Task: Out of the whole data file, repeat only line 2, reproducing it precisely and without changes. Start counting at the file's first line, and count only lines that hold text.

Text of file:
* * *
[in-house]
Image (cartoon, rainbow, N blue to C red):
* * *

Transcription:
Image (cartoon, rainbow, N blue to C red):